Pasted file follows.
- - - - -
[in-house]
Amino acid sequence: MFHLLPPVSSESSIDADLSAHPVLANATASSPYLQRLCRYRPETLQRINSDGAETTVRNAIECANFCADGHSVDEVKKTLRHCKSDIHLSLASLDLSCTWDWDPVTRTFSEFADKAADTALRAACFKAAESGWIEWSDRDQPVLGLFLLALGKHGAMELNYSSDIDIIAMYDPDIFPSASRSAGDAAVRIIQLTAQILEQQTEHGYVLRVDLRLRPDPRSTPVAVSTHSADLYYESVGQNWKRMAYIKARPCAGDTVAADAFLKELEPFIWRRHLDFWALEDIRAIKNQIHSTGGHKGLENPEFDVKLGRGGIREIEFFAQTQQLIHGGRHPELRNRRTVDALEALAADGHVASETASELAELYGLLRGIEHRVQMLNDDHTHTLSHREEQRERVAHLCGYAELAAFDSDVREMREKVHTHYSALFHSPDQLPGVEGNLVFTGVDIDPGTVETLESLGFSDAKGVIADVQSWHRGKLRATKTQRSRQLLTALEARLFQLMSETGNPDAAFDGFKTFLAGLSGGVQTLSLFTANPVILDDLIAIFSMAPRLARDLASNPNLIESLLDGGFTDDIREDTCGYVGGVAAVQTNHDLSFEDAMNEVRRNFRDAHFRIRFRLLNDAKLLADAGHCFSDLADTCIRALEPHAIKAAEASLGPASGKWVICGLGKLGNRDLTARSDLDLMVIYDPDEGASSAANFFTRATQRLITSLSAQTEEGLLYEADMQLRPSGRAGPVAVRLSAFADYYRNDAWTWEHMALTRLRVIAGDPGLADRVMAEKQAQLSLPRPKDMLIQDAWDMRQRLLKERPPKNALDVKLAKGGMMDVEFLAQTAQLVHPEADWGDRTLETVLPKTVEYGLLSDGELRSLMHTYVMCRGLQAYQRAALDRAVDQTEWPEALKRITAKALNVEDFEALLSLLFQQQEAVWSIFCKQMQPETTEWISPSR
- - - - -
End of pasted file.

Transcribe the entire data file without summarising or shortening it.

[in-house]
Amino acid sequence: MFHLLPPVSSESSIDADLSAHPVLANATASSPYLQRLCRYRPETLQRINSDGAETTVRNAIECANFCADGHSVDEVKKTLRHCKSDIHLSLASLDLSCTWDWDPVTRTFSEFADKAADTALRAACFKAAESGWIEWSDRDQPVLGLFLLALGKHGAMELNYSSDIDIIAMYDPDIFPSASRSAGDAAVRIIQLTAQILEQQTEHGYVLRVDLRLRPDPRSTPVAVSTHSADLYYESVGQNWKRMAYIKARPCAGDTVAADAFLKELEPFIWRRHLDFWALEDIRAIKNQIHSTGGHKGLENPEFDVKLGRGGIREIEFFAQTQQLIHGGRHPELRNRRTVDALEALAADGHVASETASELAELYGLLRGIEHRVQMLNDDHTHTLSHREEQRERVAHLCGYAELAAFDSDVREMREKVHTHYSALFHSPDQLPGVEGNLVFTGVDIDPGTVETLESLGFSDAKGVIADVQSWHRGKLRATKTQRSRQLLTALEARLFQLMSETGNPDAAFDGFKTFLAGLSGGVQTLSLFTANPVILDDLIAIFSMAPRLARDLASNPNLIESLLDGGFTDDIREDTCGYVGGVAAVQTNHDLSFEDAMNEVRRNFRDAHFRIRFRLLNDAKLLADAGHCFSDLADTCIRALEPHAIKAAEASLGPASGKWVICGLGKLGNRDLTARSDLDLMVIYDPDEGASSAANFFTRATQRLITSLSAQTEEGLLYEADMQLRPSGRAGPVAVRLSAFADYYRNDAWTWEHMALTRLRVIAGDPGLADRVMAEKQAQLSLPRPKDMLIQDAWDMRQRLLKERPPKNALDVKLAKGGMMDVEFLAQTAQLVHPEADWGDRTLETVLPKTVEYGLLSDGELRSLMHTYVMCRGLQAYQRAALDRAVDQTEWPEALKRITAKALNVEDFEALLSLLFQQQEAVWSIFCKQMQPETTEWISPSR